I love Bolognese sauce, but let's be real-- it's a weekend kind of sauce because it needs a bit of tending. I've made quick ragus before and they're acceptable, but I try to keep my weekday eating as healthy as possible and the calories can add up quickly when you're making a ragu. What to do? Incorporate veggies to stretch the meat, reduce the fat and calories, and save time.
Serves 6 (Sauces 1 pound of pasta)
3/4 lb very lean ground beef
1 small onion, finely chopped
8 oz white mushrooms, finely chopped (use a food processor for uniformly chopped pieces)
1 small eggplant, peeled and diced (1 inch dice)
2-3 cloves garlic, minced
1 can San Marzano peeled whole plum tomatoes (I like to put them through a food mill, but you can just chop them)
1 tbs red wine vinegar
1 tsp dried oregano
salt and pepper to taste
Spray a nonstick skillet with nonstick spray and set over medium heat. Add the ground beef and onions and cook, stirring, until the beef is browned (5-10 minutes). Add the mushrooms, eggplant, garlic, and oregano and cook another 5 minutes, stirring, until eggplant begins to loose its raw look. Add the vinegar and salt and pepper, cooking about 1 minute. Add the tomatoes and bring to a boil. Reduce heat and cook 15 minutes longer.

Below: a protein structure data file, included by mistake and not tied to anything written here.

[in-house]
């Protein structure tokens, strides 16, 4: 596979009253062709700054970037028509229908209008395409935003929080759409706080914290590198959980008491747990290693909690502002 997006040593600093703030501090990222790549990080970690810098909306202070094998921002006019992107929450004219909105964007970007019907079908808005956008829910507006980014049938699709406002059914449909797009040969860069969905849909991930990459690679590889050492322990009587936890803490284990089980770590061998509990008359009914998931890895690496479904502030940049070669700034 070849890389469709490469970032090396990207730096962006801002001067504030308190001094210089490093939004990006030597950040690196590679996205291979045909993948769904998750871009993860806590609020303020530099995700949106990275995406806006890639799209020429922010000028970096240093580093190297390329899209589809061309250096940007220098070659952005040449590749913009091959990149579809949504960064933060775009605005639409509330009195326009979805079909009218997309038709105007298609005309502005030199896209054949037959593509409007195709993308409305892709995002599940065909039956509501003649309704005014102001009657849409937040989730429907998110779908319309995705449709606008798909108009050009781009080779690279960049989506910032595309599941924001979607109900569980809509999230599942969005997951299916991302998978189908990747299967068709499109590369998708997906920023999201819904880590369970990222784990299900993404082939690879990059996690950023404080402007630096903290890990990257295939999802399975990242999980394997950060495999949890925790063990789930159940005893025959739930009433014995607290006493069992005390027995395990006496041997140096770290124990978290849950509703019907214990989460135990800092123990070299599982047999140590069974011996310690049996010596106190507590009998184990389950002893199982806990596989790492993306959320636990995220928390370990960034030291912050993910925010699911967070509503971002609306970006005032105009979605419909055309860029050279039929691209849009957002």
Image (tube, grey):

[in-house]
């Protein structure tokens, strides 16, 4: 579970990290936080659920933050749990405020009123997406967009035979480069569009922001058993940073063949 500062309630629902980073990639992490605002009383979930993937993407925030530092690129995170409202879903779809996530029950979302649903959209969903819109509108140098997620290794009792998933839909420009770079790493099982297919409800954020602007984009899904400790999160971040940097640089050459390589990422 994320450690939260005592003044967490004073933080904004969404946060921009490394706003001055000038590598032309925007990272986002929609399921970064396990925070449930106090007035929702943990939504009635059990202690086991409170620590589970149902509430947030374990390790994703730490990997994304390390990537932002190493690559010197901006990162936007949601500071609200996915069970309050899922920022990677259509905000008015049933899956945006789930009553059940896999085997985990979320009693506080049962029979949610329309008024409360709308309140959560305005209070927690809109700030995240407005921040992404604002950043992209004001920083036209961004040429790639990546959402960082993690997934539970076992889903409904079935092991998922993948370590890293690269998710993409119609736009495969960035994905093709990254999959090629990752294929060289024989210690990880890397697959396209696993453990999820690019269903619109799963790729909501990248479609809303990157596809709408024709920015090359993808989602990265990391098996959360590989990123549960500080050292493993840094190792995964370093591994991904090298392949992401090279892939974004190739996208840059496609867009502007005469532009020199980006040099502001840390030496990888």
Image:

Serve over your favorite pasta (I served this over gemilli; penne or cavatelli would be other good choices).
1 1/4 cup sauce = 5 Weight Watchers PP values
I've made other ragus that contain veggies, but they were too obviously vegetable-based for my tastes. What I liked about this ragu was that the mushrooms, chopped as finely as they were, weren't distinguishable from the beef. The vegetables lent a sweetness to the sauce that made it seem as if it had cooked longer. I think the next time I make this sauce I will roast the eggplant first to add another dimension--smokiness. I served my 1 1/4 cup portion over a cup and a half of pasta (3 oz dry) and it was more than enough along with a tossed salad.